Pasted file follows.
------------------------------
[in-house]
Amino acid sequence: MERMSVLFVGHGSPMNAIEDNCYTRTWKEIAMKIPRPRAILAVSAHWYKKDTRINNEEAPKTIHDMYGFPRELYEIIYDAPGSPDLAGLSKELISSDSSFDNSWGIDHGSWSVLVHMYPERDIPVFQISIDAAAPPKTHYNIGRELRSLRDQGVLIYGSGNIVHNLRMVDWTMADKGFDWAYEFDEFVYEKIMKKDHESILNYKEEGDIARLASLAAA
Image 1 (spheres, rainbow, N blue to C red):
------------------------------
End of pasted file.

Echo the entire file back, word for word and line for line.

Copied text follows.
[in-house]
Amino acid sequence: MERMSVLFVGHGSPMNAIEDNCYTRTWKEIAMKIPRPRAILAVSAHWYKKDTRINNEEAPKTIHDMYGFPRELYEIIYDAPGSPDLAGLSKELISSDSSFDNSWGIDHGSWSVLVHMYPERDIPVFQISIDAAAPPKTHYNIGRELRSLRDQGVLIYGSGNIVHNLRMVDWTMADKGFDWAYEFDEFVYEKIMKKDHESILNYKEEGDIARLASLAAA
Image 1 (spheres, rainbow, N blue to C red):